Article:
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Lecture 11

PSYC18 - Lecture 11.docx

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Department
Psychology
Course
PSYC18H3
Professor
Michelle Hilscher
Semester
Summer

Description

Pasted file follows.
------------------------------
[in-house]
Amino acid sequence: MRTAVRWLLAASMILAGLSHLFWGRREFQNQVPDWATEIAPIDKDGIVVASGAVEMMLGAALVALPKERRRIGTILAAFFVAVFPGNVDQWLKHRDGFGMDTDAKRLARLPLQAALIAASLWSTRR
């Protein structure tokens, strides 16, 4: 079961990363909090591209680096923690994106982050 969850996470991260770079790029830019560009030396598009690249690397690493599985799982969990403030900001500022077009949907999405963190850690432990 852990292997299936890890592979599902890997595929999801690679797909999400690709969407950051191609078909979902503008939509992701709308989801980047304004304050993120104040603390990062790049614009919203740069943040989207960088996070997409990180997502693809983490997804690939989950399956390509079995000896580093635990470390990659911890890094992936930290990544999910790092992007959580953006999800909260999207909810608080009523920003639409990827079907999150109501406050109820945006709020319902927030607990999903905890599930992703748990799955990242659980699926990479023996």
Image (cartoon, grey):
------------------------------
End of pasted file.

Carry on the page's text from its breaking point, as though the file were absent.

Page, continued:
PSYC18 – Lecture 11 Prof’s Speech - Purple Slide 3 – Emotions and Mental Health in Childhood - Emotional disorders in middle childhood though adolescence: - Externalizing vs. internalizing o Whether the disorder is externalizing (hostility, anger, i.e. conduct disorder, which can hit as early as 6 years old) or internalizing (characterized by anxiety and depression) - Drug abuse and eating disorders in adolescence - Does gender matter in terms of what disorder? o Yes it does o Boys more often exhibit externalizing disorders o Girls more often exhibit internalizing disorders o This pattern continues through adolescence to adulthood Slide 4 – Why the gender difference? - Socialization o Boys and girls are brought up differently; they are taught about emotions differently  E.g. a hockey coach encourages boys to show anger and aggression  Girls are encouraged to hide anger and to instead be needy and sad - Genetics o Difference in genetics can underlie a difference in emotion based disorders Slide 5 – What is disordered? - 4 hypotheses (textbook shows how these work together) - There may an imbalance among emotions o 1 particular emotion/group of emotions that predominate o Someone who is depressed is more likely to feel sad than any other emotion  Sadness is more prominent - Emotional responses are inappropriate o Responses are happening out of context  i.e. crying in a neutral situation o emotional responses should happen but do not - Poor emotion regulation o Hard time managing emotions once they begin o Not able to properly deal with/handle emotion  i.e. a child who receives poor results on a test will feel guilty, but not overwhelmingly  an internalizing disordered child will be stuck with self-doubt and will not know what to do with it, will not be able to focus on the positives of the situation  i.e. an externalizing disordered child who’s cell phone is broken by their best friend, will feel angry and be stuck feeling angry - What appears to be disordered is actually adaptive, albeit to an atypical and challenging context o They have learned to enact an emotional style that helped them cope with the context in the past Slide 6 – Who is at risk of childhood disorder? - The stress-diathesis hypothesis: - An interaction between two things determines whether emotion-based disorder occurs. - Genetic & physiological predisposition - AND - Environmental stressor(s) - E.g. orphaned siblings, brother and sister o Parents died, same genetics, may not both develop emotion based disorder o Who will develop the disorder and who will adapt? o Never absolute – model talks about the probability of the disorder happening - Genetic and physiological o The way that nerves and the endocrine system works may make child vulnerable to disorder - Environment risks: within child, distal (distant/apart from child) Slide 7 – Example of Environmental Risks in Childhood - Risk factor: stressor in environment that increases likelihood that child will develop an emotional disorder, does not guarantee development of disorder - 1. Parental conflict o Externalizing disorders o There is a greater likelihood of developing an externalizing disorder when conflict is seen o No gender differences o Not all types of conflict are damaging o Damaging – verbal, physical conflict o In divorce, divorce is damaging, and can lead to emotional disorders  But recent research says that the conflict before and after the divorce can lead to disorder, not the divorce itself - What type of conflict is worst? o Frequent, severe, overt hostility o Not as damaging: child-rearing conflict; silent tension o Divorce a culprit? - There is experimental evidence that shows that witnessing overt hostility causes aggressive actions Slide 8 – How may witnessing conflict cause aggression? - Three hypotheses: - 1. Modeling - Modelling – children learn how to engage socially by watching their caregivers - 2. Increased arousal - Some children have increased arousal relative to other children - and/or - 3. Biased appraisal - Children may come from homes where there is an unpleasant situation - They can be hypersensitive when arguments are on the rise because they do not want to be involved - They are more likely to think a neutral behaviour means that someone is mad at them - Extremely sensitive to negative emotions Slide 9 – Example of Environmental Risks in Childhood - 2. Parental depression - Internalizing disorders - Depression/anxiety originates from several sources - Defective interaction model learned, e.g. anger - In interactions with mom/dad/sibling, anger is not expressed when someone feels sad - Sadness blocks anger, but anger makes people work together to fix problems - But the child will not show anger because they don’t want it to be directed to them - Puts child at greater risk of developing internalizing disorder - Caregiver’s depression gets in the way of relationship child wants to have with caregiver - 3. Attachment failure - May result from parent’s psychiatric problems - Types of insecure attachment - Ambivalent, avoidant, disorganized - Disorganized – predictive as causal factor for disorder - Disorganized attachment is where the child shows avoidant behaviour and a desire to connect with others, they sometimes act as the caregiver for the parent - Parents are inconsistent, the child develops in an unorganized way - Each predictive of disorder? Slide 10 – Nature and Nurture - Nurture + Nature = Risk + Protective factors + Biological predisposition = Develop emotional disorder? o Disorders can be genetically predisposed o Protective factors can reverse the effects  E.g. relationship with sibling, grandparent, educational achievement, distal factors can protect o Some children are like orchids – in the perfect conditions, they thrive, but for some , when any risk is at all present, they wilt - What is the relative importance of these 3 variables? - Do they each contribute equally? - Is one more important than another? - Let’s explore the interaction in the context of eating disorders. Slide 11 – Eating Disorders and Emotions - EDs characterized as maladaptive forms of coping in response to negative affect - Eating disorders can be emotionally-based - There is often an emotional problem at the core leading to eating problems - Heatherton & Baumeister (1991) - “Escape model” to explain Bulimia nervosa o People feel negative emotion and use binging and purging to distract them - Negative affect at root of bingeing & purging behaviors - Jansch et al. (2009) - Emotion processing deficit and Anorexia nervosa - Impaired judgment of own and others’ emotions - Sometimes people have problems judging how they feel and how others feel - Negative emotions make them engage in fasting so that they feel they have control over their life Slide 12 – Stress-Diathesis Model Applied to Eating Disorders - Nature: biochemical abnormalities, genes o Biochemical abnormalities are often at the base of eating disorders o Genes are at the base of biochemical abnormalities - Nurture: low self-esteem, loneliness, perceived lack of control, physical or sexual abuse, social pressure to be thin, cultural preoccupation with physical appearance o Sociocultural, environmental experiences that you go through put you at risk Slide 13 – Which combinations cause eating disorders? - Are particular combinations more dangerous than others? - Do all combinations lead to eating disorders? And of the same intensity? Slide 14 – Genes… Girls vs. Boys - Eating disorders are not female-only disorders. - Does stress-diathesis model differ by gender? - This brings us to a timely article… - Genetic Risk Factors for Disordered Eating in Adolescent Males and Females - Baker et al. (2009). In Journal of Abnormal Psychology. - What is the etiologic role of genetic and environmental factors on